How to Survive Rip Currents

ABC News’ Gio Benitez takes to the waters to show you potentially life-saving tips.
3:08 | 05/27/14

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Transcript for How to Survive Rip Currents
We're back, now, at 7:41, with "Gma" investigates. How to survive deadly rip currents. Over the holiday weekend, hundreds of swimmers had to be rescued from rip currents, that come on suddenly and sweep even the strongest swimmer out to sea. Reporter: You probably won't know there's a rip current until you're in it. Only trained eyes can spot them. But you'll feel it pull you away from shore. So, this morning, we go into the waters to show you how to survive. On this Florida beach, a shocking number. 120 people plucked from rip currents Monday alone. It is pretty strong out there, for the little kids to go out there in. Reporter: 250 rescues in central and south Florida in just the past 2 days. Officials say more than 100 people drown every year in the U.S. Because of rip currents. A lot of the people that come to coastal cities on vacation don't have -- have never heard of rip currents. Reporter: When waves break fiercely at the shore, a stream of water moving away from the beach can form. Even Michael Phelps couldn't swim out of those rip currents. Reporter: Most of us aren't Michael Phelps. So, we will show you how to survive. That's where the rip current is. I went right into the rough waters. Then, still near shore, it's pulling. It's really pulling. Just a few minutes to get out here. And now, we're starting to feel it. I intentionally try to swim back to shore directly against the current. That's exactly what you shouldn't do. That's hard. That's hard. Realizing I'm tired, the lifeguards don't take any chances. Give me your left hand. Reporter: You see yourself getting tired. You feel your heart racing. And with all of the waves and B water hitting you. Reporter: To show you the right technique, I go back in. Instead of swimming directly towards shore, we're going to swim diagonally. In a rip current, it's best to swim parallel to shore. I got out of it. I swam diagonally. Even though it's weak, you could feel it. You can still feel it pulling you out. A strong swimmer, a grown man like you, it's not so much of a problem. But when you have little kids, people that have never been to the ocean, that's when it's a problem. Reporter: That's why you should swim at a beach with lifeguards. If you're caught in a rip, the key is, don't panic. Stay calm. And we're told, you should never try to rescue someone else if you're not trained. You'll risk your own life. You just want to swim horizontally, parallel to the shore. Better to swim out a little bit. The staying calm part is the tough part. Thanks for the tips. Really good tips. And speaking of ripped --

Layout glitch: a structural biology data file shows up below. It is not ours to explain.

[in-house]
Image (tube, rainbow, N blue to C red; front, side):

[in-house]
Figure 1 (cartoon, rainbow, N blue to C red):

This transcript has been automatically generated and may not be 100% accurate.

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